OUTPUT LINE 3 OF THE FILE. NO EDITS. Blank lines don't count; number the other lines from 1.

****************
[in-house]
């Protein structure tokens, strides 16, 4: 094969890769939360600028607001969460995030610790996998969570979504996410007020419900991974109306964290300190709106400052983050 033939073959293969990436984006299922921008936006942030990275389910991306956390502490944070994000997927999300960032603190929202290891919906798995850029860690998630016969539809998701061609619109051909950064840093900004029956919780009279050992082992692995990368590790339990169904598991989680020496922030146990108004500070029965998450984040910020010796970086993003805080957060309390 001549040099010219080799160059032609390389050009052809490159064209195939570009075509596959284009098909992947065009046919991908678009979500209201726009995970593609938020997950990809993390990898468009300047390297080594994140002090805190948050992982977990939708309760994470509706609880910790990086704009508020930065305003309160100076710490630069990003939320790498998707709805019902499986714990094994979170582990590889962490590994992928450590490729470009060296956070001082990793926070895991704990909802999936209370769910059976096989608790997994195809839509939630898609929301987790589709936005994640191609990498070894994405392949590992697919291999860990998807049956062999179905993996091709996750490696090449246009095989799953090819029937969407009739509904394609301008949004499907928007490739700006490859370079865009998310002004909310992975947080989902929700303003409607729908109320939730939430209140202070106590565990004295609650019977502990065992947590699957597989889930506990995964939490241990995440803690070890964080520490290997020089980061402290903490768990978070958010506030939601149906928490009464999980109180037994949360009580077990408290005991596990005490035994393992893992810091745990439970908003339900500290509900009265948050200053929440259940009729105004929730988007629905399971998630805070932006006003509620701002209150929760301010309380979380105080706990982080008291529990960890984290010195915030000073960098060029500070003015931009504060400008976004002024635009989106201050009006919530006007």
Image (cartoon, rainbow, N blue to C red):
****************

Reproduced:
Image (cartoon, rainbow, N blue to C red):